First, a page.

Barmer Ersatzkasse, Germany’s biggest health insurance company, has begun to offer its 7m customers mobile phone based fitness monitoring.
The monitoring service will become part of the company’s prevention programme and can be used to lower insurance premiums.
Developed in conjunction with the IT service provider T-Systems, a division of Deutsche Telekom, it features a chest strap that measures heart rate and caloric expenditure. The data collected is then transmitted first via a bluetooth connection to the mobile phone, and then via GPS or UMTS to a web-based personal health record (PHR). Customers have to pay for the chest strap, at around €90, with a further monthly charge of €5 for using the PHR.
“In return, a customer can reduce his insurance premiums”, Barmer-spokesman Thorsten Jakob told E-Health Europe. When a customer is able to prove they have run 5 kilometres or cycled 20 kilometres, they are eligible for a reduction of up to €30 a year.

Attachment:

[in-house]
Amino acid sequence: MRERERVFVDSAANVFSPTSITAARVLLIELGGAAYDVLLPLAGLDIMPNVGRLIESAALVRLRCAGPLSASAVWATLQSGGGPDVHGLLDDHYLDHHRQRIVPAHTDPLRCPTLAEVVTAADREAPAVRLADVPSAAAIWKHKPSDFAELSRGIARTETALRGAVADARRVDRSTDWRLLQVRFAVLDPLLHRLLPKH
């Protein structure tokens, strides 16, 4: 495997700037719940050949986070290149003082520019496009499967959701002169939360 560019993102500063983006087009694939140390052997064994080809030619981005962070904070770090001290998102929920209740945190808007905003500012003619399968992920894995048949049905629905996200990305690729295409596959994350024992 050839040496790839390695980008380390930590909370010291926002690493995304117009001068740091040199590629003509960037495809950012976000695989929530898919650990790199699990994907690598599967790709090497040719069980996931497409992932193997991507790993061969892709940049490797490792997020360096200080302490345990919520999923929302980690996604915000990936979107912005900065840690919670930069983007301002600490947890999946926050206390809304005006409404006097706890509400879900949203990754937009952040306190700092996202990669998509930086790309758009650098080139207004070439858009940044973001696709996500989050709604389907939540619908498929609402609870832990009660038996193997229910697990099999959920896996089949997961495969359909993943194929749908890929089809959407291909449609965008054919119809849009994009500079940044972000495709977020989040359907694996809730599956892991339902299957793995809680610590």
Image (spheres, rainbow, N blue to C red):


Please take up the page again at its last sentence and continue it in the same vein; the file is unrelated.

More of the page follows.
This is done is by printing out the relevant page of the PHR and handing it in to Barmer. “The process could obviously be done electronically but we want to avoid the impression that Barmer has access to any personal data. We cannot look into the personal data, and we do not want to”, said Jakob.
Being able to save €30 a year means that the individual’s costs for the programme are not covered by the potential savings. However, there are a number of services involved that could still make it an attractive option,
“Users will get an individual training schedule with suggestions for length and intensity of further training sessions”, said T-Systems’ CEO Reinhard Clemens. A sports medicine specialist is assisting with this functionality.
The GPS signal is able to map the route taken by the runner or cyclist and display the points at which heart rate, calorie uptake and the like were highest and lowest. Information like this can help to plan further training sessions.
“The main target group of the programme is mobile workers, people who are interested in prevention but don’t have the time to do a regular sports programme or join a sports club”, said head of Barmer, Johannes Vöcking.